Early Abstract and Modernist Painting
Object-Ed Paschke, Topcat Boy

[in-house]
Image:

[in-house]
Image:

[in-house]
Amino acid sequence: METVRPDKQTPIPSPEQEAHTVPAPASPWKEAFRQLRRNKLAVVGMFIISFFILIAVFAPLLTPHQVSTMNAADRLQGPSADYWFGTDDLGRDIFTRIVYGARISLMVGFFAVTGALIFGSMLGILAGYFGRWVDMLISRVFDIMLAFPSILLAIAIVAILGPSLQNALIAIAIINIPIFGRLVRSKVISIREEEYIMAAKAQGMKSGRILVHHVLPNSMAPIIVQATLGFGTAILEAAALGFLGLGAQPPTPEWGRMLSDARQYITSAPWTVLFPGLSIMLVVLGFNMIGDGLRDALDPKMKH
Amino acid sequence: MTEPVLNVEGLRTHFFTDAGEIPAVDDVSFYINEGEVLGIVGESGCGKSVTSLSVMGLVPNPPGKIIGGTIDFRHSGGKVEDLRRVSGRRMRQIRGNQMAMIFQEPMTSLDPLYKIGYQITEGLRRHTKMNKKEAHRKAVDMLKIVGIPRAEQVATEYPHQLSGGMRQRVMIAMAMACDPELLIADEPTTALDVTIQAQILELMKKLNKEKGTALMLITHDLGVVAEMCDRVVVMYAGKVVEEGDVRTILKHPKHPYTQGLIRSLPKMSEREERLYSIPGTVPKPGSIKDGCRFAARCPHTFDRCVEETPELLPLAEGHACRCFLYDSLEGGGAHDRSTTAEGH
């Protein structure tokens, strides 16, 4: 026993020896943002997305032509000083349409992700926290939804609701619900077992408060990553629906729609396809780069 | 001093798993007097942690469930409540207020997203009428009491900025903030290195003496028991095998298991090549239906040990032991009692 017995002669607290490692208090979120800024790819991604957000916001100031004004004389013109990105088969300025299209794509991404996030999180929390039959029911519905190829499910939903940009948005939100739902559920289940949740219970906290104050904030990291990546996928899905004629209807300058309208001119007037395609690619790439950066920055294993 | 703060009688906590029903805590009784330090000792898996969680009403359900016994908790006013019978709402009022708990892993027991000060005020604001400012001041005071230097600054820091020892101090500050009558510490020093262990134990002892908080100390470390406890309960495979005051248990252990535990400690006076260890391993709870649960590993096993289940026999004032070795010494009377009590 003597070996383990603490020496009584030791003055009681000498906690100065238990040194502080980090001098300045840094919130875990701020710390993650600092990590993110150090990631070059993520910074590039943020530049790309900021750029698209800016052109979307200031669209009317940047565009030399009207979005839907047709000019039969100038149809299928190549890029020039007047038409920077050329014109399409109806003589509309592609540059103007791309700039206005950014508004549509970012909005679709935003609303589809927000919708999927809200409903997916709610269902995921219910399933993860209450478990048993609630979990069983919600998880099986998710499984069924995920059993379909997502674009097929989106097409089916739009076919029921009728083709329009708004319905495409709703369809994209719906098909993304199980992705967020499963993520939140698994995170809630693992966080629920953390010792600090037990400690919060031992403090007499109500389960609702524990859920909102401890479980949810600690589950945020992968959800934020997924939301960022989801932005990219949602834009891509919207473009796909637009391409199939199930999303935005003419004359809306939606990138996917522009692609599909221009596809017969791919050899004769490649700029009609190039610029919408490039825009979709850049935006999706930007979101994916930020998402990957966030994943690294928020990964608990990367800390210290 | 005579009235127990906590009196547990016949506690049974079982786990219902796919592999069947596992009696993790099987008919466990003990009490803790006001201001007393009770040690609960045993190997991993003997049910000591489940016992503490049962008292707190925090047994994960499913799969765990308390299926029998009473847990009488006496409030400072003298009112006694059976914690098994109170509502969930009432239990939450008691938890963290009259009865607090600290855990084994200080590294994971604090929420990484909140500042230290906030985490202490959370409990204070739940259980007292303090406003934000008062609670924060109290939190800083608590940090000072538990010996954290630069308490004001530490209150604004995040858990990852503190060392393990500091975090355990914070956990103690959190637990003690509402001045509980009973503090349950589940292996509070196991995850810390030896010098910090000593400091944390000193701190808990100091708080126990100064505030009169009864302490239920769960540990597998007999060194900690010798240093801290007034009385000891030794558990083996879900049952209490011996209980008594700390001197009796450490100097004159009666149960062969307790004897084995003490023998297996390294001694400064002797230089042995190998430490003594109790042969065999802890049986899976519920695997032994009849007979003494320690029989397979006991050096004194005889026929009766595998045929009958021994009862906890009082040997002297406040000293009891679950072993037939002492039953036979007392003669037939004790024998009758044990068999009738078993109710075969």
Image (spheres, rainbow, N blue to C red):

Born in Chicago in 1939, Ed Paschke studied at the School of the Art Institute in the 1960s while working as a commercial artist and experimenting with collage and film. Upon his exposure to Pop Art he began to incorporate images borrowed directly from popular print media into his work. As evidenced in his 1970 painting, Topcat Boy, Paschke’s interest in cartoons, animation, posters, and tattoo art provided diverse source material for his colorful, playful, and often out-landish imagery. Paschke drew on his experiences in the sleazy nightclubs and wrestling venues of Chicago, making their subcultures subjects of his Pop informed art. He carefully recreated the look and feel of various media and often manipulated his source materials—adding a woman’s face to the body of a doll, or hockey gloves and a Mexican lucha libre mask to the figure of the top-hatted man in Topcat Boy—to layer his canvases with a multitude of textures and psychedelic colors that enhance his sensational subjects.